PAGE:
A Winning Formula

Educating top chemists, professors, inventors, and researchers through a forward-thinking chemistry program rooted in history

Lab partners Emilie Heidel ’10 and Arda Kotikian ’15 work together in a lab for Chem 212.

Lab partners Emilie Heidel ’10 and Arda Kotikian ’15 work together in a lab for Chem 212.

It’s 11:30 a.m. on the Tuesday after spring break, and twenty-three students have settled in Chem 212: Chemistry of Biomolecules class in Kendade 303. After some housekeeping items and a syllabus update, Professor Katie McMenimen ’03 launches into an exacting seventy-five-minute lecture. The material is dense, supported by formulas and graphics displayed on a screen in the front of the classroom. Students take notes furiously. There are frequent questions, and with each new query, McMenimen pauses. She wants her answers to have precision, to offer ample information—but not to overwhelm.

Chem 212, designed for non-biochemistry majors, offers an introduction to basic biochemical principles. One of four required electives in the biochemistry discipline, the course is broad rather than deep as it must meet the varying needs of chemistry, biology, and post-baccalaureate students who are all on different academic and career paths. Nearly half of the thirty-seven students who take Chem 212 each semester will head to graduate schools such as Northwestern, California Institute of Technology, or Harvard for doctoral degrees, while others will enroll at medical schools, and still others will serve as research technicians or teach at the high school level. “There’s quite a bit of ground that students want covered,” says McMenimen, “but they don’t necessarily need a whole course on every individual piece.”

So McMenimen is concise in her lecture. She moves quickly and deftly through the demanding lesson, and she directs students to the textbook if they want or need to learn more to suit their purposes. “It’s entirely a balancing act,” she says. “Students get to take the individual bits and, with knowledge from other classes, synthesize it together to help them understand the material.”

In fact, the entire rigorous chemistry curriculum at Mount Holyoke is a balancing act, as professors strive to provide relevant information in an industry that is constantly on the brink of discovery as well as prepare students for careers that may not yet exist.

Tradition and Prestige

Mount Holyoke has a long history of national excellence in educating women in chemistry—and in the physical and life sciences in general. That history began with founder Mary Lyon, who was herself a chemist, and continued with faculty icons such as Emma Carr, class of 1902, and Lucy Pickett, class of 1925. These esteemed chemists each taught at the College for more than thirty-five years and were both acclaimed worldwide for their advances in the field. In addition, they each received the prestigious Francis P. Garvan Medal, granted by the American Chemical Society for distinguished service by women chemists.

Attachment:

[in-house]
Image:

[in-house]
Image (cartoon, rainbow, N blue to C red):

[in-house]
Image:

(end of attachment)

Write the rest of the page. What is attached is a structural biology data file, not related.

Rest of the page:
“Pickett and Carr really pioneered getting undergraduates involved in research and publishing papers,” says Maria Alexandra Gomez, professor and chemistry department chair, who also notes it’s the chemistry department’s definitive research culture that gives this small, liberal arts college a competitive edge over big research universities. “The biggest help to our students is being able to join a research group and work directly with a principal investigator,” Gomez says. “When an undergrad goes to a large research university, she gets assigned to a grad student and doesn’t work directly with a principal.”

“I think being a chemistry student at Mount Holyoke has gotten more exciting over time,” Gomez says. “The level and amount of instrumentation that’s available to undergraduates is really quite impressive.”

“There’s quite a bit of ground that students want covered.”
Professor Katie McMenimen ’03

Professor Katie McMeninin '03

Professor Katie McMenimen ’03

Facilities and Resources

The chemistry department is one of eight campus departments housed in Kendade Hall, a 40,000-square-foot building completed in 2003 that connects existing Carr and Clapp laboratories and Shattuck and Cleveland Halls to form a unified science center. Gomez says one quarter of the College’s students major in either the sciences or mathematics—twice the number of women majoring in these areas at comparable coeducational institutions.

Gomez says the College has recently acquired more state-of-the-art equipment than it has ever had, making the department even stronger. The College now boasts an atomic force microscope that affords students a view of materials at the atomic level.

“You can see at the atomic scale,” Gomez says, noting the equipment is used by students to study the surfaces of various materials—such as polymers. The same technology is used for developing surface materials used in hip replacements and high-tech sports equipment.

Read more about faculty research »